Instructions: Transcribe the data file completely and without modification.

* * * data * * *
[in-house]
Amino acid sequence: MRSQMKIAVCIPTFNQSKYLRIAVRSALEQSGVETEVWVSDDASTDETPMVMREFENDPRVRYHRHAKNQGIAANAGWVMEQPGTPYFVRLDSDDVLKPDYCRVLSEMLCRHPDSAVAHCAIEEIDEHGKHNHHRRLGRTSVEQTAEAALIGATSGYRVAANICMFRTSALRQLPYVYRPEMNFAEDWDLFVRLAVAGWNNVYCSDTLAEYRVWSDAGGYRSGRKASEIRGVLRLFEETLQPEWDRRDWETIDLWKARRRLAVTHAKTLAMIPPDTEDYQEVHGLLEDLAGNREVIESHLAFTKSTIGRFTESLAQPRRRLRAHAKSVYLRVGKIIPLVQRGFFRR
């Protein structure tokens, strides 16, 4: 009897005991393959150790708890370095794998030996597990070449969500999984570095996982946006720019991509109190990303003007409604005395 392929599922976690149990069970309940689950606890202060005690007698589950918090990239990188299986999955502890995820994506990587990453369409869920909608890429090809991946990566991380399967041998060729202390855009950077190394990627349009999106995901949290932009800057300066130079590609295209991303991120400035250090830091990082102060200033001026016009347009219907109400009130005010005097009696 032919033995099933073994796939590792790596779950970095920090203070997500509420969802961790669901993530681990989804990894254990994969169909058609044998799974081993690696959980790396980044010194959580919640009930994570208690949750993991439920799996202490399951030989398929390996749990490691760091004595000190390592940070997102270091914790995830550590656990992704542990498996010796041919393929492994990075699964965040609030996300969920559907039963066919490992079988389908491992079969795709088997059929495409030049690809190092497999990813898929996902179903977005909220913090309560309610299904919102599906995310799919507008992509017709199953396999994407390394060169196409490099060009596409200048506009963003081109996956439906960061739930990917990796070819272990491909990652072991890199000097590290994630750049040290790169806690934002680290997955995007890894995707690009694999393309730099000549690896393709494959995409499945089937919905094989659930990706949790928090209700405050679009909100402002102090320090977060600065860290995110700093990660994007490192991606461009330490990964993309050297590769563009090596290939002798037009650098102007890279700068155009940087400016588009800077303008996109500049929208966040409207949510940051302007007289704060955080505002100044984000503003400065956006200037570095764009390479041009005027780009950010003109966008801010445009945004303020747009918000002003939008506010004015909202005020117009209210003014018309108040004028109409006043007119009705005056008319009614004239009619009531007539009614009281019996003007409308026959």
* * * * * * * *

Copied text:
[in-house]
Amino acid sequence: MRSQMKIAVCIPTFNQSKYLRIAVRSALEQSGVETEVWVSDDASTDETPMVMREFENDPRVRYHRHAKNQGIAANAGWVMEQPGTPYFVRLDSDDVLKPDYCRVLSEMLCRHPDSAVAHCAIEEIDEHGKHNHHRRLGRTSVEQTAEAALIGATSGYRVAANICMFRTSALRQLPYVYRPEMNFAEDWDLFVRLAVAGWNNVYCSDTLAEYRVWSDAGGYRSGRKASEIRGVLRLFEETLQPEWDRRDWETIDLWKARRRLAVTHAKTLAMIPPDTEDYQEVHGLLEDLAGNREVIESHLAFTKSTIGRFTESLAQPRRRLRAHAKSVYLRVGKIIPLVQRGFFRR
């Protein structure tokens, strides 16, 4: 009897005991393959150790708890370095794998030996597990070449969500999984570095996982946006720019991509109190990303003007409604005395 392929599922976690149990069970309940689950606890202060005690007698589950918090990239990188299986999955502890995820994506990587990453369409869920909608890429090809991946990566991380399967041998060729202390855009950077190394990627349009999106995901949290932009800057300066130079590609295209991303991120400035250090830091990082102060200033001026016009347009219907109400009130005010005097009696 032919033995099933073994796939590792790596779950970095920090203070997500509420969802961790669901993530681990989804990894254990994969169909058609044998799974081993690696959980790396980044010194959580919640009930994570208690949750993991439920799996202490399951030989398929390996749990490691760091004595000190390592940070997102270091914790995830550590656990992704542990498996010796041919393929492994990075699964965040609030996300969920559907039963066919490992079988389908491992079969795709088997059929495409030049690809190092497999990813898929996902179903977005909220913090309560309610299904919102599906995310799919507008992509017709199953396999994407390394060169196409490099060009596409200048506009963003081109996956439906960061739930990917990796070819272990491909990652072991890199000097590290994630750049040290790169806690934002680290997955995007890894995707690009694999393309730099000549690896393709494959995409499945089937919905094989659930990706949790928090209700405050679009909100402002102090320090977060600065860290995110700093990660994007490192991606461009330490990964993309050297590769563009090596290939002798037009650098102007890279700068155009940087400016588009800077303008996109500049929208966040409207949510940051302007007289704060955080505002100044984000503003400065956006200037570095764009390479041009005027780009950010003109966008801010445009945004303020747009918000002003939008506010004015909202005020117009209210003014018309108040004028109409006043007119009705005056008319009614004239009619009531007539009614009281019996003007409308026959």